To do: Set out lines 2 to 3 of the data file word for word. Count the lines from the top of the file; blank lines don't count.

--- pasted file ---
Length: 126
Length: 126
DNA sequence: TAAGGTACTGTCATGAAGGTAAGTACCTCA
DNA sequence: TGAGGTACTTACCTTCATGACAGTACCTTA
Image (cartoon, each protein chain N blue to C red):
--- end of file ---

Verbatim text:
Length: 126
DNA sequence: TAAGGTACTGTCATGAAGGTAAGTACCTCA